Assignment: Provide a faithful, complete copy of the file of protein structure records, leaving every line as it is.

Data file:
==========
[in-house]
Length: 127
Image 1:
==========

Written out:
[in-house]
Length: 127
Image 1: